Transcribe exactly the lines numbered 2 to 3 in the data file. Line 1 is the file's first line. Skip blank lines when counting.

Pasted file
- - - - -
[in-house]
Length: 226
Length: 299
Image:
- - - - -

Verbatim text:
Length: 226
Length: 299